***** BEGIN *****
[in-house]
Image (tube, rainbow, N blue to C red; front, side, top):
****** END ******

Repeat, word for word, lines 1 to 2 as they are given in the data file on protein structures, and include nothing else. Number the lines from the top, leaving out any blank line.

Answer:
[in-house]
Image (tube, rainbow, N blue to C red; front, side, top):